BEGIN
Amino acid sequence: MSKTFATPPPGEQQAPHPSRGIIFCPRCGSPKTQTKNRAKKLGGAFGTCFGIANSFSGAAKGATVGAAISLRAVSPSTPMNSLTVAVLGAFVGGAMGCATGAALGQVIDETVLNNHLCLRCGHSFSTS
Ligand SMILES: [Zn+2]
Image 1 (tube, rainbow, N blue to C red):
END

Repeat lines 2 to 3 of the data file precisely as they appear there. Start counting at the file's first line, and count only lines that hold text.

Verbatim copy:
Ligand SMILES: [Zn+2]
Image 1 (tube, rainbow, N blue to C red):